Big income rise for farmers unlikely next year
By Fu Jing (China Daily)
Updated: 2005-12-05 05:30
Decreasing grain prices coupled with growing costs of production means
Chinese farmers are unlikely to see a significant rise in income next year.
China's economic planning chief Ma Kai expressed the concern as the
government embarks on an ambitious programme to improve rural people's lives
Grain prices have been dropping since April; and prices of wheat, corn and
rice fell 5 per cent from August to October compared with the same period last
year, Ma, minister of the National Development and Reform Commission (NDRC),
told an annual meeting on development and reform held over the weekend.
Meanwhile, prices of production materials such as fertilizer and diesel have
risen 9.1 per cent year on year during the first 10 months.
The situation makes it difficult to achieve a "new socialist countryside,"
which was last week highlighted as a new concept and "common action" of the
whole Party and nation.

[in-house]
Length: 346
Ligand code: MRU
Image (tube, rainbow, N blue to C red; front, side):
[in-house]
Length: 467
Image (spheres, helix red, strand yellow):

Vice-Minister of Agriculture Yin Chengjie also said large-scale culling of
poultry due to the outbreak of bird flu and the impact of China's entry to the
World Trade Organization also pose hurdles for income rises for the country's
780 million farmers.
Farmers' income is expected to increase by 5 per cent this year, hitting the
target set by the central government at the beginning of this year.
Last year, per capita net income of Chinese farmers reached 2,936 yuan
(US$362), up 6.8 per cent year on year, and the highest increase since 1997.
Ma also said China would continue to seek fast, steady economic growth in
2006 but more efforts will be made to address the challenges brought about by
overheating in some industrial sectors.
He warned that the oversupply in the steel, coke and auto sectors threatens
jobs. "If we don't effectively address the problem immediately, a large number
of companies will go bankrupt and many people will lose their jobs," said